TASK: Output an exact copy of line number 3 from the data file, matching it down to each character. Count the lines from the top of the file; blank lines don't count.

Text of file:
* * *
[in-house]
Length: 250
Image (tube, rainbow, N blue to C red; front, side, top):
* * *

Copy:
Image (tube, rainbow, N blue to C red; front, side, top):